For example, the use of smooth, fluid camera movements to capture the essence of any situation and to present it nicely framed, it seems, is the MO of the director and the crew do a really good job at getting some fine compositions on screen. Even the use of damaged walls where bullets, bombs or bazooka shells have peppered them with large holes are made use of as the camera weaves in and out of the these concrete exit wounds in its quest to allow us to track along with the central character. It’s really nice stuff and, although I hate to throw up comparisons to other directors here, it reminded me of the professionalism and consummate skill of somebody like Luc Besson so... yeah... this director might be worth looking out for in the future, methinks.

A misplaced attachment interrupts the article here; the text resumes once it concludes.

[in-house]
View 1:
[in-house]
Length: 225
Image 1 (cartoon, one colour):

There are some really nice touches too, such as one of the corpses Everly’s stashed in a tub having a cell phone which uses the opening jingle from Danny Elfman’s score to Edward Scissorhands... it’s a cool moment. Another quite spectacular sequence shows Everly blowing one man exiting a lift filled with lethal henchmen back into said elevator with a shotgun burst and then lobbing a grenade to follow him in as the lift doors start to shut on them all. This is accompanied by an explosion just as the doors are finishing closing on the filled up lift, throwing out a giant sized, rectangular slit of high speed blood into the corridor. Nothing as drastic as Kubrick’s celebrated ‘blood and elevator’ shot from The Shining, for sure but, like I said... nice stuff.